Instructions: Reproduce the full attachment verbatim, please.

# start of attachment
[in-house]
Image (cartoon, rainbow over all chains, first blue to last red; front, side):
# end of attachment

[in-house]
Image (cartoon, rainbow over all chains, first blue to last red; front, side):